Saturday, January 22, 2011

A Sterling Testimonial

This appeared in today's The Indian Express


It’s been said that a book’s style and its content are two sides of the same coin. It’s a pleasure, then, to come across a work that so completely exemplifies this. Pereira Maintains, written by Antonio Tabucchi in 1994, translated by Patrick Creagh in 1995 and now re-issued by Canongate, is a novella that owes much of its haunting power to its form: that of a testimony. But who is narrating this testimony, and to whom? This ambiguity, never fully resolved, pervades the book, especially its ending.  Indeed, the word “maintains” – earlier translated as “declares” – tolls throughout the work like a bell.

Pereira Maintains is set in Lisbon in the summer of 1938, when the spectre of fascism is stalking the continent. The city is tense because of the death of a labourer, a member of the Socialist Party, at the hands of the police. As we’re told, “the country was gagged, it had no choice, and meanwhile people were dying and the police had things all their own way”.  The eponymous Pereira, a portly, middle-aged widower, editor of the culture page of Lisboa, a faint-hearted evening paper, muses: “This City reeks of death, the whole of Europe reeks of death”.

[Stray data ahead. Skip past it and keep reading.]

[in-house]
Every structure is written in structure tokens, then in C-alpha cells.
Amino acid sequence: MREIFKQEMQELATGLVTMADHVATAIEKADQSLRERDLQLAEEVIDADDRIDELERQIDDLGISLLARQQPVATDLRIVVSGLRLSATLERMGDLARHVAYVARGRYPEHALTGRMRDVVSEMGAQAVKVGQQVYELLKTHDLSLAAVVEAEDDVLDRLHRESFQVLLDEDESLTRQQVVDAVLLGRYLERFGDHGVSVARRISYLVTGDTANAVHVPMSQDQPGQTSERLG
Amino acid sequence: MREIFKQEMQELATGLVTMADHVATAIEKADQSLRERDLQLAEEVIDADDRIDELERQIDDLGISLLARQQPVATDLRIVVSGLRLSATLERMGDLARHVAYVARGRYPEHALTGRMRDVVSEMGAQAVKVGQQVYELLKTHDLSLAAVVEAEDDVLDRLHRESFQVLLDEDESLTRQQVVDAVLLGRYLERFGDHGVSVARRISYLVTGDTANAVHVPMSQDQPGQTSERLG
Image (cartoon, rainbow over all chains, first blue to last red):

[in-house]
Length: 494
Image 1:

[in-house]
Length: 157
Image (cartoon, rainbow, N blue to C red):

Pereira, feasting on omelettes washed down by sweet lemonade, seems content to fill pages with translations of 19th century French authors until he meets Monteiro Rossi, a radical youth, and his girlfriend Marta. Almost against his will, he begins to support them by commissioning articles as well as with small sums of money. Monteiro and Marta, engaged in anti-authoritarian activity, continue to cast their spell on Pereira, making him wonder whether his life until now has had any meaning. Bit by bit, his conscience stirs until he is compelled to act; the dramatic ending unspools like the finale of a Costa Gavras film.

The book is rife with ironies and dualities. At one point, to justify Lisboa’s turning a blind eye to the country’s condition, Pereira says, “We are a free and independent paper and do not wish to meddle in politics”. Tabucchi also takes care to work in oppositions: between the resigned Pereira and the radical Monteiro; between Pereira’s priest and his doctor; between those who write romances and those more socially engaged. Most importantly, Tabucchi asks us to dwell on the many intersections between art and politics, on whether the former should exist separate from the latter.

At one point, Pereira recalls his uncle saying, “Philosophy appears to concern itself only with the truth, but perhaps expresses only fantasies, while literature appears to concern itself with only fantasies, but perhaps it expresses the truth”. Pereira Maintains expresses the truth, as Mohsin Hamid writes in his introduction, by conjuring “out of its small hat a vast and touching sense of the humane”. Remarkably, it does all this in less than 200 pages.

No comments: